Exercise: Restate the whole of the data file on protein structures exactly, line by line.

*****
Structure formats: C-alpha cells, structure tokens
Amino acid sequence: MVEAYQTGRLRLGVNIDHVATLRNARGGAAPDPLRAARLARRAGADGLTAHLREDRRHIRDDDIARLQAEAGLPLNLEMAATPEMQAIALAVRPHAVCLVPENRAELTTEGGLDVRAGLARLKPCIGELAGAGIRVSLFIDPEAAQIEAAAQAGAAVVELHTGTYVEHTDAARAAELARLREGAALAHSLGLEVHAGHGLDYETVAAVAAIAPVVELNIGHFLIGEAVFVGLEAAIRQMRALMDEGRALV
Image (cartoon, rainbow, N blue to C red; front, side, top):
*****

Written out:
Structure formats: C-alpha cells, structure tokens
Amino acid sequence: MVEAYQTGRLRLGVNIDHVATLRNARGGAAPDPLRAARLARRAGADGLTAHLREDRRHIRDDDIARLQAEAGLPLNLEMAATPEMQAIALAVRPHAVCLVPENRAELTTEGGLDVRAGLARLKPCIGELAGAGIRVSLFIDPEAAQIEAAAQAGAAVVELHTGTYVEHTDAARAAELARLREGAALAHSLGLEVHAGHGLDYETVAAVAAIAPVVELNIGHFLIGEAVFVGLEAAIRQMRALMDEGRALV
Image (cartoon, rainbow, N blue to C red; front, side, top):